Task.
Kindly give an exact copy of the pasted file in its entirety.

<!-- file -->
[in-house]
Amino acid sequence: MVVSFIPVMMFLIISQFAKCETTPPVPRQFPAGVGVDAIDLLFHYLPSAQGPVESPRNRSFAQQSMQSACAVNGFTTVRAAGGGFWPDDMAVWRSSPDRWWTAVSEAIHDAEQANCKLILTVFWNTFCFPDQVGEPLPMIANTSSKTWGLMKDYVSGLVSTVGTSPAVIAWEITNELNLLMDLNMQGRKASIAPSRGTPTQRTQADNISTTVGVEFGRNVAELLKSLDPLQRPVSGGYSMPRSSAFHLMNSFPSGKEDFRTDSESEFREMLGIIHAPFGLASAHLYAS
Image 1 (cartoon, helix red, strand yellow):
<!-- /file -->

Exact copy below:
[in-house]
Amino acid sequence: MVVSFIPVMMFLIISQFAKCETTPPVPRQFPAGVGVDAIDLLFHYLPSAQGPVESPRNRSFAQQSMQSACAVNGFTTVRAAGGGFWPDDMAVWRSSPDRWWTAVSEAIHDAEQANCKLILTVFWNTFCFPDQVGEPLPMIANTSSKTWGLMKDYVSGLVSTVGTSPAVIAWEITNELNLLMDLNMQGRKASIAPSRGTPTQRTQADNISTTVGVEFGRNVAELLKSLDPLQRPVSGGYSMPRSSAFHLMNSFPSGKEDFRTDSESEFREMLGIIHAPFGLASAHLYAS
Image 1 (cartoon, helix red, strand yellow):